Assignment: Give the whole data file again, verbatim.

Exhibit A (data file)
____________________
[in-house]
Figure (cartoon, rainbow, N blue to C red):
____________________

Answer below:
[in-house]
Figure (cartoon, rainbow, N blue to C red):